Being Outward BoundKelsey Davis
Konneker-Cutler Scholar '15
Immediately after receiving the incredible news of my being selected as the Konneker-Cutler scholar, I found myself propped in front of the computer monitor searching for the Outward Bound website. I was ecstatic that I would be given the opportunity to participate in such a trip. Though each location available held different aspects that lured me in its direction, one course in particular caught my attention: Alaska Sea Kayaking. In fear that the scarce ten slots for this trip would quickly be filled, I concocted my proposal and sent it off for approval in record time. Within minutes of receiving the green light to book my course, I had contacted the organization and paid the deposit to secure my position.
My reasoning of choosing Alaska as my location to visit was to place myself as far out of my realm of comfort as possible. I had never been given an opportunity to visit this state and there was a great possibility that I would not be allotted one again. So many aspects of Alaska were unknown to me, making the experience of visiting it at its rawest form completely fascinating. Taking part in an Outward Bound course allows a person to develop strength in the process of overcoming weaknesses. I purposely placed myself in a location where I would be at my most vulnerable in hopes of emerging with an immense amount of growth.
Putting myself far out of my comfort zone allowed me to experience great amounts of struggle. It seemed that every day, a new challenge surfaced for me to tackle. Some difficulties were obvious obstacles that I knew I would have to face. These included the issues of not being able to shower, using the restroom outside, getting swarmed with bugs that seemed to be immune to any spray we soaked ourselves with, and trying to sleep in a place where the sun never quite set.
For all of the difficulties I faced over my eight-day course, the most rewarding aspect was the rush of accomplishment after overcoming a great obstacle. I feel that there is a very evident link that connects challenges and rewards. Without risk, the feeling of triumph doesn’t exist. “If there was never such thing as the cold or the rain, no one would appreciate the warmth of the sun,” I scribbled into my bent up journal during my serene solo time. I also wrote, “If life was always easy, it would be boring. The most difficult of times are the moments when character is built. After this trip, I feel like Walt Disney.”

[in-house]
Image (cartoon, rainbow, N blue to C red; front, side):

I will forever be in debt to Dr. and Mrs. Konneker for the vast amount of skills and lessons I learned while taking part in Outward Bound and will now put to use in everyday life. Placed within a group of peers that all are considered leaders within their own communities, I could view various approaches to leadership and their effectiveness. I believe that the most successful leader is the one that you don’t even know exists. During my course with Outward Bound, my instructors modeled leadership by example; doing what needed to be done rather than tossing out orders and responsibilities for each to manage. My skills in communication also developed immensely as the course progressed. I learned that when making your voice heard in a group of individuals, it isn’t the volume of which you make your message but the message you make that matters.
Without question, my experience in Alaska was the highlight of my life to this date. I learned more about myself in eight days that I had in almost eighteen years. I faced my flaws head on and conquered them; I discovered an immensurable strength within myself that I never knew to have existed previously. I feel so blessed that I was capable of going on such an eye-opening quest. While in Alaska, I sought ways to strengthen my weaknesses that have held me back. The Outward Bound course allowed me to explore within myself and discover a calm that I can revert back to when stress becomes too much to handle. I not only addressed my flaws, but also found ways to overcome them. Also, I learned more about my assets and increased my confidence.
Besides finding myself in the midst of struggle and self-doubt, I found a very special group of individuals that I am honored to call my friends. Though we were only together for eight days, I feel as if I’ve known them for my entire life. We all share something that no one else will quite understand. We can show slideshows of pictures, we can retell stories, but no one else will understand what happened out in the wilderness of the Prince Williams Sound. The nine of us will forever have a bond that cannot be broken. After attending and completing my course, I now understand the meaning and honor of being Outward Bound.